That's why I am still so pleasantly surprised every morning when I sit in my new breakfast room with the morning sun streaming in (or rain pattering at the windows) knowing that I never would have had this precious space if it weren't for my husband's brilliant idea.

We are a homeschool family.  We need an entire room devoted to school, don't we?  I thought so.  Everyone seems to think so.  I never ever thought that room could be something other than a school room or a nursery, had we ever been sprung with the surprise of another baby on the way.

The room was odd to begin with.  It had in the corner, a neat little cabinet and small closet, about half the size of an armoire, long short windows, siding on one wall that used to be the outside of the house, plumbing in the corners, and an extremely low ceiling.  It was so obviously added on to the back of the house over an old patio and sandwiched between two more additions, a bathroom and a laundry room, that I decided when we moved in that it would be the perfect office/lesson room.  My farmhouse kitchen table just had to go in the middle of the farmhouse kitchen, or so I thought.  As a result, I have spent the last six years rotating the kitchen table and refrigerator around and around the kitchen trying to find the "perfect" arrangement.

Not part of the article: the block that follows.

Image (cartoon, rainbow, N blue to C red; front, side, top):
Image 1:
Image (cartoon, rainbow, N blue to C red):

When we really started looking around the lesson room, we realized that we only used the closet, which I had added shelves to, the cabinet, and two drawers of one of those ridiculously large, mid-twentieth century metal file cabinets to do our school work.  Parts of speech cut outs and two bulletin boards with hanging calenders attached were the only other school related things in the room.  It was an easy decision to make once we realized that we could still use the closet and cabinet and consolidate what was in the file cabinet so we could get rid of it all together and just move the bulletin boards.  My son was very happy to have the computer and printers moved to his room since his brother already had an antique of a desk top in his.  With the decision made and the idea that we could easily return it to a school room if any of us panicked after the job was done and thought we had made a mistake, we set to work. 

I started out planning to only demolish the core door I had put up on day one of moving in as renters to give us something of a counter to use in that room, remove the file cabinet, and repaint.
I chose the same 1940's "Coke bottle" green that is in the kitchen.

I love it when I find more Pepto Bismol pink paint in this old house.  It shows me that I really do live in an antique. I have left the pantry shelves this original color so that when you open the doors you see right away that it's a special house. I will abide it for as long as I can.  Now that I am living with the green, I wonder how we ever stood the chocolate brown.  What kid wants to do school work in a cave?

These neat little cabinets were built in when we moved in.  They line three walls at the ceiling.  Perfect to hold our movie collection.

I did those things, but on morning number two I got the brainy idea to redo the floors in black and white checkered tiles to match the kitchen so it would be a continuation of that space, maybe knocking out part of the wall eventually to combine with an existing doorway to make a larger entrance.